FHA loans and public housing residents account for more than 9 million households, while Freddie- or Fannie-backed mortgages account for the majority of single-family homes. The Freddie and Fannie moratorium will last at least 60 days.

The moves come in response to the economic fallout caused by the spread of COVID-19, commonly referred to as novel coronavirus, which could lead to unemployment rising as high as 20 percent, according to Treasury Secretary Steve Mnuchin.

Fannie Mae and Freddie Mac are guarantors on the majority of mortgages, which they buy and bundle into bonds called mortgage-backed securities. Most mortgages fall into this category, as 97.7 percent of mortgage securities were issued by the agencies so far in 2020, according to the Urban Institute.

This means if you have a mortgage, it was mostly likely sold to Freddie or Fannie and thus the foreclosure moratorium and payment relief likely applies to you. Homeowners who don’t have mortgages backed by Freddie or Fannie are likely to be subprime borrowers, condo owners, or owners of particularly expensive housing (the loan limit amount varies from county to county).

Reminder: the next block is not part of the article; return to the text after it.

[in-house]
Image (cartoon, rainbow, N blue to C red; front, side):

These measures may end up temporarily staving off disaster for the housing market. Otherwise, if unemployment spikes and homeowners default en masse, it would lead to a massive increase in available housing, reminiscent of the financial crisis of 2008.

In addition to mortgage relief, the Department of Housing and Urban Development (HUD) announced Wednesday it will encourage local public housing authorities (PHAs) to suspend evictions on public housing residents.

The moratorium on evictions of public housing residents, the majority of whom are elderly and/or disabled, would apply to more than a million households if every PHA suspended evictions. HUD does not have the legal authority to force PHAs to suspend evictions, but many of the largest PHAs have already done so, including New York, Boston, and Los Angeles. It is likely many others will follow.

The moratorium does not apply to housing voucher holders. HUD Secretary Ben Carson told the Los Angeles Times that a moratorium on FHA-backed multifamily housing could be coming, but housing voucher recipients may need Congressional action.

While these two measures protect millions of Americans, renters in private-market housing remain vulnerable to eviction should they suffer financial hardship because of the novel coronavirus.

But cities across the country—particularly those with expensive housing—have independently announced moratoriums on evictions that range from two weeks to indefinitely. New York, Los Angeles, San Francisco, and Miami are among the cities that have issued eviction moratoriums.